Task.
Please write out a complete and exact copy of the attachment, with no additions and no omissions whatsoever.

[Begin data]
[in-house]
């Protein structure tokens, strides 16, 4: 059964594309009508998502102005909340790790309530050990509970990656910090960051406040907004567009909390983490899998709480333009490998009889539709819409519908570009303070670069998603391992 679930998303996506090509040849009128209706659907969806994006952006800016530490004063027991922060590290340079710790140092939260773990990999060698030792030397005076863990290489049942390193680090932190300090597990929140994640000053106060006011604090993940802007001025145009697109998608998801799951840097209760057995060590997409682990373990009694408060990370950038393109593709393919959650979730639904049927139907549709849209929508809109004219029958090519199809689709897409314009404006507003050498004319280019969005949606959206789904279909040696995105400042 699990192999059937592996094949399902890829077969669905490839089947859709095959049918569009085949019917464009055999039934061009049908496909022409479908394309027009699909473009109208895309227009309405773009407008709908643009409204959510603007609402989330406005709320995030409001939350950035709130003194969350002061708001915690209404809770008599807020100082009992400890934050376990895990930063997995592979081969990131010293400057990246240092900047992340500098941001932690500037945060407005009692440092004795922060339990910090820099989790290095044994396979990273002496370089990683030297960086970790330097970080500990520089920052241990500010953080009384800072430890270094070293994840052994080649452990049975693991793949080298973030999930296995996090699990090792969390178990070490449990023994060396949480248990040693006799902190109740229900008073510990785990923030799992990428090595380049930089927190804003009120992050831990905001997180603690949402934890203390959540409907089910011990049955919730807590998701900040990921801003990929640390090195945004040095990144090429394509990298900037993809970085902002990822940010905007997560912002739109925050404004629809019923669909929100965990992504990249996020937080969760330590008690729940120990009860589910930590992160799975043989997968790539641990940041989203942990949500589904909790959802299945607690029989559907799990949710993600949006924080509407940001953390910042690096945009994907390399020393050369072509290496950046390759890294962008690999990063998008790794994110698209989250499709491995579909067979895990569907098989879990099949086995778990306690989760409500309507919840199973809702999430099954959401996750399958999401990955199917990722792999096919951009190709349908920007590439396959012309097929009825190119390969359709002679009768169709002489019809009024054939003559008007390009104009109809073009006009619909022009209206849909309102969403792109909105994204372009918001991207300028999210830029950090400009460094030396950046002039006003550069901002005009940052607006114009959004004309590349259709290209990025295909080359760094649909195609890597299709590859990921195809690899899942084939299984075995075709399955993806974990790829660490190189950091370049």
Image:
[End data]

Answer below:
[in-house]
């Protein structure tokens, strides 16, 4: 059964594309009508998502102005909340790790309530050990509970990656910090960051406040907004567009909390983490899998709480333009490998009889539709819409519908570009303070670069998603391992 679930998303996506090509040849009128209706659907969806994006952006800016530490004063027991922060590290340079710790140092939260773990990999060698030792030397005076863990290489049942390193680090932190300090597990929140994640000053106060006011604090993940802007001025145009697109998608998801799951840097209760057995060590997409682990373990009694408060990370950038393109593709393919959650979730639904049927139907549709849209929508809109004219029958090519199809689709897409314009404006507003050498004319280019969005949606959206789904279909040696995105400042 699990192999059937592996094949399902890829077969669905490839089947859709095959049918569009085949019917464009055999039934061009049908496909022409479908394309027009699909473009109208895309227009309405773009407008709908643009409204959510603007609402989330406005709320995030409001939350950035709130003194969350002061708001915690209404809770008599807020100082009992400890934050376990895990930063997995592979081969990131010293400057990246240092900047992340500098941001932690500037945060407005009692440092004795922060339990910090820099989790290095044994396979990273002496370089990683030297960086970790330097970080500990520089920052241990500010953080009384800072430890270094070293994840052994080649452990049975693991793949080298973030999930296995996090699990090792969390178990070490449990023994060396949480248990040693006799902190109740229900008073510990785990923030799992990428090595380049930089927190804003009120992050831990905001997180603690949402934890203390959540409907089910011990049955919730807590998701900040990921801003990929640390090195945004040095990144090429394509990298900037993809970085902002990822940010905007997560912002739109925050404004629809019923669909929100965990992504990249996020937080969760330590008690729940120990009860589910930590992160799975043989997968790539641990940041989203942990949500589904909790959802299945607690029989559907799990949710993600949006924080509407940001953390910042690096945009994907390399020393050369072509290496950046390759890294962008690999990063998008790794994110698209989250499709491995579909067979895990569907098989879990099949086995778990306690989760409500309507919840199973809702999430099954959401996750399958999401990955199917990722792999096919951009190709349908920007590439396959012309097929009825190119390969359709002679009768169709002489019809009024054939003559008007390009104009109809073009006009619909022009209206849909309102969403792109909105994204372009918001991207300028999210830029950090400009460094030396950046002039006003550069901002005009940052607006114009959004004309590349259709290209990025295909080359760094649909195609890597299709590859990921195809690899899942084939299984075995075709399955993806974990790829660490190189950091370049």
Image: